Deprecate the `subsystem_instance` utility function.
Review Request #4220 - Created Sept. 10, 2016 and submitted
|jsirois, mateor, stuhood|
It was implemented as a contextmanager that resets subsystem
state in __exit__. However this interacts badly with tests that
use that state (sometimes without even realizing it) outside the
subsystem_instance context. Several tests have to do weird
balancing acts to get around this.
Instead we introduce a global_subsystem_instance() that simply
inits and returns the global instance of a subsystem. Test code
can rely on our standard test base classes for cleanup between tests,
or it can reset subsystem state itself if it needs to do so mid-test.
This change allows us to remove various wrapper contextmanagers
sprinkled around our tests, and generally supports simplification
of several tests.
This is part 2 of my effort to simplify and standardize how we
create subsystems in tests. See for part 1:
Note to reviewers: The diff is a little hairy, but the focus is on
the change in tests/python/pants_test/subsystem/subsystem_util.py.
The rest is just modifying all relevant tests to use the new method,
and the proof of the validity of those is mostly that the tests pass...
CI passes: https://travis-ci.org/pantsbuild/pants/builds/159169092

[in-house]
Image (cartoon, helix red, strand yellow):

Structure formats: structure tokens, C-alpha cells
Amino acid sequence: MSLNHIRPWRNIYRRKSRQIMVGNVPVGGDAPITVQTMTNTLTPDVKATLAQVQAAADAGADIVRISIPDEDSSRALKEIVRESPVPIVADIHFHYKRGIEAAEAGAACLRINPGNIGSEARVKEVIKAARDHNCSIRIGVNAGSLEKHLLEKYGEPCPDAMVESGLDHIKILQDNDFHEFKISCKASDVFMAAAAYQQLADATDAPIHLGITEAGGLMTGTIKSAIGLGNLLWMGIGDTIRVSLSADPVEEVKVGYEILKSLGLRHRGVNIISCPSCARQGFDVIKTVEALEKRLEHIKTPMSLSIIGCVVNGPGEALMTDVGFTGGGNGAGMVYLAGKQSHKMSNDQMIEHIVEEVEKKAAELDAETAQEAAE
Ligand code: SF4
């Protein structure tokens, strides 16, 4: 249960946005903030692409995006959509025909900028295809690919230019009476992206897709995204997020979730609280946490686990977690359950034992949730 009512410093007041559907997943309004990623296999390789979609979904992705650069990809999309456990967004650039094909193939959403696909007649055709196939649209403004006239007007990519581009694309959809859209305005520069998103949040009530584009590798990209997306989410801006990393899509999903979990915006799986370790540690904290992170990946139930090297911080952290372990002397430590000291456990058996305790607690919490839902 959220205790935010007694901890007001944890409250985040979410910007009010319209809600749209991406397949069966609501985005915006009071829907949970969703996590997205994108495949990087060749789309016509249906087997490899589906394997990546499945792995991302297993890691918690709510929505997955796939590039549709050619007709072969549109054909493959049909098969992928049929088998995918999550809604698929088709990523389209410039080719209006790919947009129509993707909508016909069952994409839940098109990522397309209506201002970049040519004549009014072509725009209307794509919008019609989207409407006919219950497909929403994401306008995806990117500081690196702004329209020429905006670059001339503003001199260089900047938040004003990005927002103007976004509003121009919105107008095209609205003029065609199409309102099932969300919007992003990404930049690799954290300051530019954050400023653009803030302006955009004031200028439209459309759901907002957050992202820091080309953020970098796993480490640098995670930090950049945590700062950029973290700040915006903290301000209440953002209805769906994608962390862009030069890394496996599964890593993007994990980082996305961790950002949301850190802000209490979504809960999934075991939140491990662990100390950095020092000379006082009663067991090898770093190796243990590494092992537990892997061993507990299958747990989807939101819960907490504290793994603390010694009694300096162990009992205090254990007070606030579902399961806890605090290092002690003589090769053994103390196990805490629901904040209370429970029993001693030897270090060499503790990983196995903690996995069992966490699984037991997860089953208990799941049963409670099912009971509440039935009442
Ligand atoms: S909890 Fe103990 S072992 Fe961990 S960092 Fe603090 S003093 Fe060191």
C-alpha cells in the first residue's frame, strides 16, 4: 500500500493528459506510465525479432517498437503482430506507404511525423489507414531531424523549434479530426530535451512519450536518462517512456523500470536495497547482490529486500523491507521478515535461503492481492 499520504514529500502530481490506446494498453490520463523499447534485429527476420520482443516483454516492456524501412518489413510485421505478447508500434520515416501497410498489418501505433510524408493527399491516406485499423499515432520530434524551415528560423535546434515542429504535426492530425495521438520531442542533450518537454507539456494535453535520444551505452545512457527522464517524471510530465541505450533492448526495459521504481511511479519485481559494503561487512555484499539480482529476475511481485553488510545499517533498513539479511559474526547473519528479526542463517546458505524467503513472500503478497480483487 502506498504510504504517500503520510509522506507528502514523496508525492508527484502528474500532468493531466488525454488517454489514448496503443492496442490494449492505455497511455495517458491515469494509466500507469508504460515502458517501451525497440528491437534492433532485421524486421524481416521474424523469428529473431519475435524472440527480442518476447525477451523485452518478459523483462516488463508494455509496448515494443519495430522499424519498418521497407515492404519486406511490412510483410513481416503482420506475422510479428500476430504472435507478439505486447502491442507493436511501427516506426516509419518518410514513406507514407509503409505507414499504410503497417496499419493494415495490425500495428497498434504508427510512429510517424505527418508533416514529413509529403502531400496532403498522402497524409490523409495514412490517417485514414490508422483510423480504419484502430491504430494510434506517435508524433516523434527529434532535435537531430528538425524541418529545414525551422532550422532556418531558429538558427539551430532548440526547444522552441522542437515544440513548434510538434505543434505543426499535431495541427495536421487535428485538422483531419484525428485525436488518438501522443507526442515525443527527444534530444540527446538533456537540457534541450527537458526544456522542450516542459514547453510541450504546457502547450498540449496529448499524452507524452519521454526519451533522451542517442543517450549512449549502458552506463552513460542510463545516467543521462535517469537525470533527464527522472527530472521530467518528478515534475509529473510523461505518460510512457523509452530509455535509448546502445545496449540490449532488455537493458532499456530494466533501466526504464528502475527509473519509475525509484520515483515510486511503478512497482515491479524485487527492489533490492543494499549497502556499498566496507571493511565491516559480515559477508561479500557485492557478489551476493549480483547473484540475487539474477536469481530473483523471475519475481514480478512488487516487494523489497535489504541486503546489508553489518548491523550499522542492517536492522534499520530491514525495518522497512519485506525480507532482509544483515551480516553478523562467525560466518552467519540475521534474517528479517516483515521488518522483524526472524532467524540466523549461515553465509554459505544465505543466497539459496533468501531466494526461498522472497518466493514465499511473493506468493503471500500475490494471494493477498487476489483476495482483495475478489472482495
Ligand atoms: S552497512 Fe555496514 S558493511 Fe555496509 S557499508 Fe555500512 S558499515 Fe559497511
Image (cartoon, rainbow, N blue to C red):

Revision 3 (+835 -797)
This seems like it cleans up a bunch of usage: thanks.
It would be awesome to try and set a clear distinction in this API between tests that instantiate a Subsystem for sideeffects (because they know that something they're about to call will need it to have been initialized) and for those that simply want to pass an instance of a Subsystem to some code (ie, the DI usecase).
Importing a setup utility reads as a red flag, where is the paired teardown? How about introducing a helper method in
BaseTestthat in turn uses
global_subsystem_instance. At least then reading
self.subsystem_instance(...)gives a clue that self may take care of teardown.
I guess there are several bare
unittest.TestCasesubclasses in this review that are using
init_subsystemswithout even attempting a teardown, so maybe the
Subsystem.reset()is not even needed; though, if so, I suspect that would be a bit of luck.